'Narcos: Mexico': Scoot McNairy on How His Secret Role Comes to Life in Season 2

Narcos Mexico season 2 still_Netflix_mcnairy_main - Publicity - H 2020
Courtesy of Netflix

[This story contains spoilers from the entire second season of Netflix's Narcos: Mexico.]

Scoot McNairy felt very familiar to Narcos: Mexico viewers when his character finally made his debut at the end of season one.

After 10 episodes of the re-set Mexican saga, the final scene of Narcos: Mexico's first season saw McNairy step in front of the camera to reveal himself as the narrator who had been guiding viewers all along. But his introduction left much to be desired. In the scene, McNairy is called only "Walt" and it's implied that he has landed in Guadalajara with a ragtag group of DEA agents to run Operation Layenda, the real-life task force that would seek justice for the murder of one of their own, agent Kiki Camarena (Michael Peña).

But it's not until season two (which released Thursday) that viewers truly get to know McNairy's Walt Breslin, a leading man the actor was able to craft in secret.

"It was an advantage to be able to lay down the voiceover and find the cadence and the humor, or the sarcasm, in the character before I actually went down to go play him," McNairy tells The Hollywood Reporter of the unique approach. The actor, who was filming HBO's True Detective at the time of season one, says it was his idea to keep his voiceover identity a secret for the first nine episodes, "as to create that allusion of: Who is telling this story? And, why are we hearing a voice that we’re not seeing?"

McNairy follows in the Narcos footsteps left behind by Boyd Holbrook, who played DEA agent Steve Murphy and who narrated the first two seasons, and Pedro Pascal, who played DEA agent Javier Peña and who narrated season three. (Peña was the starring DEA agent in season four, or Narcos: Mexico season one, with McNairy narrating.) Now, as the next DEA agent-in-charge in the burgeoning Mexican drug war in the late 1980s, Walt is a bit of a cowboy-idealist who lands in Mexico vowing to carry out a revenge-seeking mission in a different kind of way.

Below, in a chat with THR, McNairy talks about stepping outside of his comfort zone to find himself in the role, unpacks the politics that remain topical today when it comes to the war on drugs, and explains that final scene with Diego Luna and why there could be much to explore with Walt if Narcos: Mexico comes back for season three: "I would love to dive deeper internally into his personal life and see those demons that he’s pushing down below get to a place where they surface."

You had the unique experience of being the hidden narrator of Narcos: Mexico — even your casting wasn't announced before the season released. What was it like keeping your involvement a secret last season?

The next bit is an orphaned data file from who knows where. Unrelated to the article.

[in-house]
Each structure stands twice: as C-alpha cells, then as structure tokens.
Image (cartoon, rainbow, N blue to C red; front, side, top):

I had been meeting with [showrunner] Eric Newman about coming on the show since two or three years ago. Once we knew that I was coming on the second season of Narcos: Mexico is when the voiceover opportunity came about. I was on True Detective at the time and they allowed me to head down and go shoot that last episode of last season to introduce the character. I remember being in the recording studio and saying, "Hey, are ya’ll going to put my name on the first nine episodes?" They said, “Yeah, we kind of have to.” And I said, “Why don’t we not?” They said that if I was OK with it, then they were. So I think it was sort of a group decision to not give me credit for the voiceover, as to create that allusion of: Who is telling this story? And, why are we hearing a voice that we’re not seeing?

I remember looking in the credits to try to figure out who you were — and you weren’t there!

There you go.

Had you ever done anything like that before in your career?

No. That was the first time that I was on a job and hopping over to other jobs. I shot a small part in [Quentin Tarantino's] Once Upon a Time in Hollywood and that was also during the production of True Detective. For me, I never hop back and forth between jobs, so that was a first.

Narcos: Mexico wasn’t officially renewed for a second season when you signed on for season one. At what point did you know that you would be starring in season two? 

Yeah, there was always talk of that. And, as much as they didn’t know, I think they did know that they were going to do a second season. They were just really ahead of it to know six months in advance who they were going to use. Personally, I usually don’t get cast until two or three months out, so this was the first time where I actually had the prep time and the time to think about what I was going to do six months down the road.